Jeremy Corbyn will use his first speech of 2017 to declare "Britain can be better off after Brexit" and will say he is not in favour of unlimited immigration to the UK.
Corbyn, who has previously defended the right of European immigrants to travel to the UK, now says he desires "reasonably managed migration" to Britain as part of a post-Brexit deal with the EU.
The change of tone on immigration is notable. Last June he told BuzzFeed News freedom of movement is "intrinsic to the European Union" and that the principle is something "we have to defend". At Labour's annual conference in September, his spokesperson went further and suggested Corbyn did not want any numerical level on immigration.
The Labour leader's relative positivity about Brexit result is perhaps less surprising. He is a lifelong Eurosceptic who sometimes appeared to be a reluctant campaigner for the Remain during last summer's referendum, while his team are aware that many Labour constituencies outside major cities voted heavily for Leave.
“Labour is not wedded to freedom of movement for EU citizens as a point of principle," Corbyn is expected to say in a speech on Tuesday. "Labour supports fair rules and reasonably managed migration as part of the post-Brexit relationship with the EU.
“Unlike the Tories, Labour will not offer false promises on immigration targets or sow division by scapegoating migrants. But Labour will take action against undercutting of pay and conditions by closing down cheap labour loopholes, banning exclusive advertising of jobs abroad, and strengthening workplace protections."
Corbyn will also set out an upbeat Brexit vision in which a Labour government would take advantage of leaving to the EU to allow state subsidies of key industries – something currently banned by Brussels.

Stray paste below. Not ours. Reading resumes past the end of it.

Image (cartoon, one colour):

“People voted for Brexit to regain control over our economy, our democracy, and people’s lives," he is expected to say. "Tory governments have hidden behind EU state aid rules because they don’t want to intervene. But EU rules can also be a block on the action that’s needed to support our economy, decent jobs, and living standards.
"There can be no question of giving Theresa May’s Tories a free pass in the Brexit negotiations. Unlike the Tories, Labour will insist on a Brexit that works not just for City interests, but in the interests of us all."
Lib Dem leader Tim Farron, who is positioning his party as the only remaining anti-Brexit political campaign, said the comments showed "Corbyn never had his heart in fighting to protect Britain’s place in Europe".
“He failed to pull a shift to keep us in the EU before the referendum," Farron said, "and now he is helping Theresa May, Liam Fox, and Boris Johnson yank us out of the single market."
Jim Waterson is a politics editor for BuzzFeed News and is based in London.
Contact Jim Waterson at firstname.lastname@example.org.
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